Young, inexperienced soldiers will make mistakes; it is inevitable as we are all human. Ask any retired officer or NCO about their time in the service and what they have learned from it. Nine times out of 10, their stories will involve a mistake and the repercussions that followed. We have an all-volunteer force. To keep quality soldiers in the service, leaders must understand that although the military holds the highest standards of morality, justice, and ethics, human error will still occur.

It has happened to me. I had a lapse in judgment early in my career that could have ended it before it started. What I discovered from that experience has taught me far more about the command process and outstanding leaders than any of my successes.

Throughout my reprimand, I was treated with respect by my command, afforded similar training opportunities with my peers, and was never made the “black sheep” of the organization. I hope that others may learn from my mistake just as I have.

Why shouldn’t I make him/her an example?

The military is a family, and if the authoritarian figure at the head never forgives accidents that happen, the children will become estranged. Accordingly, grave crimes and moral turpitude should never be tolerated. In order to maintain the highest level of trust with our citizens, it is imperative that we hold the highest standard.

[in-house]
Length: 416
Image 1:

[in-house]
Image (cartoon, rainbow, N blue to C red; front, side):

With that being said, I would challenge someone to find a civilian sector employee who thinks a person should lose half of two months’ pay for an act that does not violate law, common decency, or directly affect others. An example might be nodding off during a 24-hour staff duty in an office environment. A good leader could even take measures to prevent it from happening, such as giving them allotted time off the day prior.

Though this may be considered a rather liberal view on punishment and discipline in the military, the fact is that the times are changing, and so are our soldiers. The old saying goes “The Army will be just fine without you.” For one soldier, this may be factually correct, but tell it to a whole generation of soldiers and we will have a mass exodus on our hands.

The young men and women in our armed services deserve the respect that comes with having careers as influential to history as they do. It is imperative we not forget that many of our soldiers would do just as well working in the civilian sector. Essentially, we have trained them well enough that they can leave, so we should treat them well enough that they want to stay.

I have to reprimand a soldier, how can they learn from the experience?

One option that many soldiers can find solace in during their punishments is via their mentors. Although the military does a fairly decent job at allowing mentorship to thrive at the officer level, we must not forget that our enlisted soldiers should have role models to look up to.

These mentor-mentee relationships are fairly common throughout academia and business. A great mentor is one who keeps a professional yet friendly relationship with a subordinate. The difference in rank with one soldier being subordinate allows for conversations about mistakes the superior has made, and how to avoid them.